By boosting housing, capital, and confidence.
by Luke Kawa
Some economists are suggesting that the best thing the Federal Reserve could do for the U.S. economy would be to raise interest rates for the first time in nearly a decade, mounting an argument that flies in the face of conventional economic wisdom.
“The reason [the Fed] should have raised rates in September and the reason, failing that, that it should do so this month isn’t that the economy can handle the pain but rather that it could do with the help,” David Kelly, chief global strategist at JPMorgan Asset Management, wrote in a recent research note.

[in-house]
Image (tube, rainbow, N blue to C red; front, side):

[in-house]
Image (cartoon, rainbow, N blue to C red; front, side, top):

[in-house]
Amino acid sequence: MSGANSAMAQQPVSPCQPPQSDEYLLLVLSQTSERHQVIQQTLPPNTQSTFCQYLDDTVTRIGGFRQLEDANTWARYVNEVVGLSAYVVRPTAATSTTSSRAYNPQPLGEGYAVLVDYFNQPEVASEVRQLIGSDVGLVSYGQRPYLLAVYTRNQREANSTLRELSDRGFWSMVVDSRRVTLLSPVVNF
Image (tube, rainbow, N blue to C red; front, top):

The consensus view, steeped in decades of economic thought, maintains that higher rates encourage saving instead of spending by households and raises the cost of capital for businesses, weakening current demand. Higher interest rates could also be a negative for asset values, as income generated would be subject to a higher discount rate. The ensuing negative wealth effect would be a drag on consumption. An increase in interest rates is also typically accompanied by a rise in the U.S. dollar, which crimps competitiveness and weighs on production in the tradable goods sectors.
But in practice, the effects of liftoff might well be different this time, some analysts contend. Read More…